Survey Reveals NY Schools Will Be Unable to Sustain Educational Programming

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School Struggles Escalate Due to Lack of Government Aid

A Mid-Hudson School Study Council report shows that many New York State school districts are struggling to cope with the current economic landscape and are concerned about the future of public education.

In the Council’s recent survey, staggering findings show that 41% of respondents estimate that their districts will be close to both fiscal and educational insolvency within the next three years when analyzing current state aid trajectories.

“In sum, what has been lost by these struggling public school communities and their students cannot be retrieved, made whole or otherwise recouped,” MHSSC Executive Director Dr. Robert Dillon said. “Without significantly greater state support new instructional and reform initiatives will not take hold in average and below average wealth school districts.”

Key findings pinpoint schools’ top challenges:

•    64% of respondents said the actual amount of state aid was considered the biggest threat for public school districts in 2015-16 and beyond
•    69% of respondents asserted that the state government has not understood districts’ needs and is not delivering the fiscal support needed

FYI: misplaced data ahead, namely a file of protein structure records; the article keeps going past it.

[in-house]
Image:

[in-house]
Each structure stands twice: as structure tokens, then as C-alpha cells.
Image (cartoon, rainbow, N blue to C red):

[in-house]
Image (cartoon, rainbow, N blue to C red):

•    77% of respondents believed that if current fiscal and educational trends continue, educational opportunities for students would be reduced in the school district’s next fiscal year budget

Lack of funding has adversely affected instructional support, since 2009-10, 83.5% of respondents eliminated up to 30 teaching positions, while 97.2% removed up to 30 teaching assistant positions and 96.2% eliminated up to 30 teacher aide positions. When examining class size, 54.5% of responding districts reported that their elementary programs sustained an increase in class size, while 49% of middle school programs reported the same result.  
Across the board, districts have also had to reduce special education offerings, student assistant services and Advanced Placement courses. In addition, high school electives, alternative education, interscholastic athletics and other supplemental programs have been cut as well.

The school district financial data provided in the survey suggests that there is considerable agreement statewide that the vast majority of responding districts are in a weakened state of fiscal, educational and professional health and that this decline will continue without immediate and targeted intervention.

The Mid-Hudson School Study Council, led by Executive Director Dr. Robert Dillon, aims to improve education through the cooperative study of common educational problems, effective diffusion of educational practices, and stimulation of active participation by districts utilizing research methodologies.  

The research study was conducted in November of 2014 collaboratively by MHSSC Executive Director Dr. Robert Dillon and Dr. Rick Timbs, Executive Director, Statewide School Finance Consortium. Completed surveys were submitted from Aug. 4 through Nov. 17, 2014. Responses were received by 40 percent of all districts (270 of 674) and 86 percent of all counties (49 of 57) in New York State.